When Armand Amini arrived on the USC campus to start his freshman year, the first friend he made was experiencing a mental health crisis.
The student suffered from depression and insomnia. Amini, now a junior who studies neuroscience, wanted to help. But he felt unprepared.
So Amini, who also assists research efforts on structural abnormalities in schizophrenia at the USC Mark and Mary Stevens Neuroimaging and Informatics Institute at the Keck School of Medicine of USC, took action. Over the course of 18 months, he and his team devised and launched TrojanSupport, the university’s first student-led peer support program started by students for students at USC. It will begin offering sessions to USC undergraduates in early October.
There are so many steps between realizing you have an issue and actively seeking help.
Across the nation, about 8 million college students are experiencing a significant mental health issue, according to the 2016-17 Healthy Minds Study, which polled more than 200,000 people at 54 U.S. schools. And when students feel suicidal, the majority talk to a classmate before telling anyone else.
“There are so many steps between realizing you have an issue and actively seeking help,” Amini said. “TrojanSupport provides an outlet for students who want to have a casual conversation with someone their own age — someone who has training and won’t try to steer them one way or another.”
TrojanSupport boost connections among students
Peer programs such as TrojanSupport do not qualify as mental health care, as they do not provide diagnosis or treatment from a trained professional, said Sarah Van Orman, USC’s associate vice provost for student health. But she believes the programs are valuable because they increase help-seeking behaviors and feelings of connectedness among students.
“When peers are trained to listen empathically and respond to their peers, it can help get students connected to each other and can also reduce stigma around seeking help,” said Van Orman, who also provides advisement to the TrojanSupport program. “For some students, talking with a peer may be all they need. For others, it’s a first step toward getting formal mental health treatment.”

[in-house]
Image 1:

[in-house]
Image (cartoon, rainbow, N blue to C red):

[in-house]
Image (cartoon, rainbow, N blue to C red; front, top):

In August, 10 USC undergraduates completed a week-long orientation to prepare for their role supporting fellow students. The peer-supporters spent the first two days completing the National Association of Student Personnel Administrators (NASPA) Certified Peer Educator training and engaging in discussions and guest lectures on diversity, depression and substance abuse. For the remainder of the week, the students learned to handle issues such as anxiety and academic stress, interpersonal conflicts and suicidal ideation and prevention. A key part of the orientation involved dyads, or practice scenarios in which students play roles during a support session.
Peer supporters also learned what to do in a crisis: If they suspect a student is in immediate danger of harming themselves or others, they call the Department of Public Safety. In other cases, TrojanSupport may provide information about additional USC resources, such as Student Counseling Services or Relationship and Sexual Violence Prevention and Services.
Plans afoot to expand USC student support program
Amini plans to continue expanding TrojanSupport — by the time he graduates, he wants to create an extension for graduate and professional students, and he ultimately hopes to bring the program to other California colleges. And his research projects dovetail with his leadership efforts: Next semester, he’ll team up with his mentor, INI’s Neda Jahanshad, to use brain mapping to better understand suicide risk factors.
While TrojanSupport is a student-driven effort, Van Orman noted that the program dovetails with a broader effort by USC to provide enhanced resources around mental health. The university hired several additional counselors this year, developed new strategies for mental health first aid and launched “Let’s Talk,” an initiative that brings counselors to libraries and residence halls for informal drop-in sessions.
“The more we can do to lower the barriers around seeking mental health care — and the more students we can train as advocates and allies — the healthier our community will be,” Van Orman said.